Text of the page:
Review: Monart Destination Spa, Ireland

Our Review

  • Facilities 93
  • Treatments 80
  • Therapists 92
  • Service 78
  • Products 85
86 Green Serenity
Monart is impressive -- striking, even. It’s a welcome combination of affordable and luxurious, and everything from the food to the treatments had an impressive level of quality for what you pay.

Last year I really wanted to go somewhere warm and tropical for our Spring Break. I was hoping Bora Bora or Hawaii but life at the time just didn’t allow us to go too far from home or for too long. So I shifted gears entirely and focused on Europe or the UK and abandoned any thoughts of a tropical paradise. The heat and humidity I sat in would have to be inside a spa, so a spa vacation it was. I had seen the Monart destination spa online years before and I’ve always wanted to go to Ireland, so I actually booked our trip around going to Monart after doing a bit of research.

Located in Enniscorthy, in County Wexford Ireland, Monart is a five-star adults-only destination spa, the only one of its kind in the country. If you’ve not been to a destination spa or heard of it before, this is the kind of place that spa vacations are built around: they’re all-inclusive resorts with the spa at its center, its heart, so to speak. These are spas dedicated to health and wellness, and often have detox programs or other guided multi-day programs that are geared to put you on a path to mind-body wellness.

Housed in the former Jameson whiskey family estate known as the Still, this 18th Century building has been expanded and renovated into a luxurious retreat. When I say the hotel and spa are luxurious, I don’t mean it in the indulgent or opulent sense — Monart is a classy place, and that elegant simplicity permeates throughout. The hotel reception is situated in the old 18th Century part of the estate, and long glass corridors connect to the new, state-of-the-art spa.

After a friendly check-in, a Monart staff member escorts you to your room and gives you the low-down on your spa journey and stay. We walked by the dining areas and she showed us which ones were for breakfast, lunch and snacks where we could eat dressed in our robes and slippers, and which one was for a more formal dinner where we had to make a reservation and wear actual clothes in order to get served.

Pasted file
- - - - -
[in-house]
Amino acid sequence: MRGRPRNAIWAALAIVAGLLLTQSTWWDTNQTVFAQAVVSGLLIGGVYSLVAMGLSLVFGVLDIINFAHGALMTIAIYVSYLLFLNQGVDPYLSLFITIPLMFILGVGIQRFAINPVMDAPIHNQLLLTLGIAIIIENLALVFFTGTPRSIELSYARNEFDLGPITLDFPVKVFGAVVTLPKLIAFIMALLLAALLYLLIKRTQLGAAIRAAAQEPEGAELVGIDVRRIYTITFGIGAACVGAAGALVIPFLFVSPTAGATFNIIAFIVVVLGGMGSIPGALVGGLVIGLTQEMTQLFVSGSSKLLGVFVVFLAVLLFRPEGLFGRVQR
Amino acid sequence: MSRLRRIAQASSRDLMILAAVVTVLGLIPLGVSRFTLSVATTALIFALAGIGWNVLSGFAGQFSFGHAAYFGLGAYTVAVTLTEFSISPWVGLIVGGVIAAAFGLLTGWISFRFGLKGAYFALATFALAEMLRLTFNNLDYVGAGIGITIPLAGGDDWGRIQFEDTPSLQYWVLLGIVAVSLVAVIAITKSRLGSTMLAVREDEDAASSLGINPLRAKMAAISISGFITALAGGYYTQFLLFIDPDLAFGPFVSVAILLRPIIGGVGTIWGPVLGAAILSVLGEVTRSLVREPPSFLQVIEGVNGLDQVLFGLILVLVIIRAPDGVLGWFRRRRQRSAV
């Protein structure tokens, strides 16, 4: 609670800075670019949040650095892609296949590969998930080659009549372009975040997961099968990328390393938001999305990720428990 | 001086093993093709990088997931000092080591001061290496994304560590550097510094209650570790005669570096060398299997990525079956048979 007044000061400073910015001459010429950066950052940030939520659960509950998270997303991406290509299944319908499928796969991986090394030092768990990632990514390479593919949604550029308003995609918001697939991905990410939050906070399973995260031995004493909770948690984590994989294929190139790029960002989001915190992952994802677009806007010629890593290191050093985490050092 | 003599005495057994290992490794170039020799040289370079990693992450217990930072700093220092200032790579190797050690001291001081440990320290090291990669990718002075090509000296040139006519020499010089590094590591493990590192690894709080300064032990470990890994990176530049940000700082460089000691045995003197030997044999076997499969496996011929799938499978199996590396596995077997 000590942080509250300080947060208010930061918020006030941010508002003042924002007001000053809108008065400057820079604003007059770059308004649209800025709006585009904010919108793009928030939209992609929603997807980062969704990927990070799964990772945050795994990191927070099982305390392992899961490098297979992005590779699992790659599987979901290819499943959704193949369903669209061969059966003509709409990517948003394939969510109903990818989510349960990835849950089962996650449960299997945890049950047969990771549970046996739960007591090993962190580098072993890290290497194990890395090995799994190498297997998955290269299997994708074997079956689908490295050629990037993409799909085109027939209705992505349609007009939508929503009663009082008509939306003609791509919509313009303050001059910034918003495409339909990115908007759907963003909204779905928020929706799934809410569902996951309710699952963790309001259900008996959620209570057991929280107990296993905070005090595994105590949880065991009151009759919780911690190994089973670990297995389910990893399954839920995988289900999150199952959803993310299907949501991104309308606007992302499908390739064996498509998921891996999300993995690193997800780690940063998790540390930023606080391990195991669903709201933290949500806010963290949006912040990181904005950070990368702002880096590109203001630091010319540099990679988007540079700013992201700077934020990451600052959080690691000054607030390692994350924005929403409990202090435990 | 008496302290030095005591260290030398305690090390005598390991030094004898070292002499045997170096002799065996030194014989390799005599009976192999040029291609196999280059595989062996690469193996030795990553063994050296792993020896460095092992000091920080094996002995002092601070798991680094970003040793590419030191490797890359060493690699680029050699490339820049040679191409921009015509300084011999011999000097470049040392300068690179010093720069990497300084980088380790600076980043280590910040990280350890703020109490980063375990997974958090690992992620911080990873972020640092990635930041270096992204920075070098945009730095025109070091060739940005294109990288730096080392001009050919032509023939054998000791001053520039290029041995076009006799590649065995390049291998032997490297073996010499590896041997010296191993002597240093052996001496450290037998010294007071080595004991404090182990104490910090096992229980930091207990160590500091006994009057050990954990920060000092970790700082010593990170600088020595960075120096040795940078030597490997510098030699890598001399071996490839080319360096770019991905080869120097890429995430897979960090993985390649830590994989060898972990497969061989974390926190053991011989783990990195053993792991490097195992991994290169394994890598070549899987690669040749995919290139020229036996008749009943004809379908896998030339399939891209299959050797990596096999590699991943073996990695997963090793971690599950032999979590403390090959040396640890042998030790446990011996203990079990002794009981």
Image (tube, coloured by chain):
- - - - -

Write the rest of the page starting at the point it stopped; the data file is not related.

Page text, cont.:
Once in our rooms, she showed us our robes and slippers — our “uniforms” for our stay, as she liked to call them — and gave us a few more tips before graciously letting us get down to the serious business of heading to the spa.


If the spa is the heart of the resort, then Monart’s Thermal Suite is the heart of the spa. This huge co-ed spa facility contains several heated benches and footbaths, a Kneippe “Cure Pool”, experience showers, salt grotto, caldarium (like a sauna but not as hot), an infra-red light room, a sanarium (another sauna-like room), an aromatic steam room, traditional Finnish sauna, an outdoor log cabin sauna with an ice bucket shower, a hydrotherapy pool and beautiful grounds to wander or relax in.

I tried them all, of course so I could tell you all about them. I’m a huge sauna fan, so I naturally went to those first. There are so many options to choose from: the caldarium, sanarium, traditional Finnish sauna and outdoor log cabin sauna are all in the sauna family of facilities and I entered those according to how much time I wanted to spend in the heat and how busy they were. The traditional Finnish sauna and the Sanarium were the hottest. The caldarium was less hot and had windows that looked out to the property’s waterfall and stream, so that was always pretty busy. The outdoor log cabin sauna was smaller than the other saunas and was jam packed on the Sunday we were there. I ventured in anyway and sat houlder-to-sweaty-shoulder with about 15 other sauna lovers. This would not be a good scenario if you are claustrophobic in any way. I skipped the ice bucket shower on my body, opting just for a cold splash on my legs and feet, because I wasn’t in the mood for that kind of extreme shock of cold on my upper body.